With another child, you get to learn from what worked and what didn’t and make changes accordingly.
How to find your true mom friends
Build a connection early on
To find long-lasting mom friends seek out moms who you build a connection with. Sometimes it doesn’t always happen instantly. Sometimes it does.
But the key is to exchange contact info as soon as you have good chemistry with a fellow mom…because you might miss the chance to reconnect in the future. I’ve had countless moments where I hit it off with a fellow mom, but felt strange asking for her email or number right away. I would tell myself, oh next time we can talk more and set up a playdate…it’s too early right now. But then, a second opportunity to reconnect wouldn’t always present itself, so I missed out on started what could have been a lovely friendship.
To know if things “click” just be yourself. Talk to her like you would talk to a dear friend. If she seems engaged and genuinely interested in listening to what you are saying than that’s a great start. You want someone to just get you and what you are going through, not someone who you put up a facade around for fear of being judged.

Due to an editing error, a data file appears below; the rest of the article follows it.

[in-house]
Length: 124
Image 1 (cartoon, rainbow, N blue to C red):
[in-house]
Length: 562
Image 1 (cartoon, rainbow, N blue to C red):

Follow-up shortly after
Another equally important step in the friendship process is to keep that connection alive by following-up shortly after meeting.
Oftentimes we hit it off with people, but then wait too long to reconnect. By the time we do, that same spark is not there or is quickly dying.
Nurturing a relationship keeps you on someone’s radar so they don’t forget who you are.
Make it work
While life can get crazy and you are probably working around baby’s schedule to manage your time, make an effort. Yes, you might be late a few times or have to cancel here and there. But don’t make it a habit.
If you keep flaking out it sends a message of not wanting to grow that friendship.
The great thing about having a mom friend with the same age kids is that she totally gets it.
Show her you value that friendship by making it work.
The small talk will only get you so far. Sometimes you have to show more emotion and depth to find the right mom friends for you.
So while complimenting her baby’s outfit is nice, make sure you go deeper and cover the things that will give you more insight into her life and personality.
But as you open up, don’t forget to just LISTEN. Sometimes, listening and being that supportive ear for another mom is the best way we can show them who we truly are.
Choose moms with similar interest
While at first it may seem that everyone with a new baby has similar interests: get some sleep and calm a fussy baby, try to connect with moms that share a similar interest with you. That doesn’t mean to simply befriend moms who look and think like you, in fact having a more diverse group of friends is one of the best things you can look for. But try to look for moms with similar values or approaches to parenting, whether that be supporting breastfeeding moms (even if she doesn’t breastfeed), positive parenting or simply a mom that doesn’t instantly judge you or freak out if your kid won’t share with hers.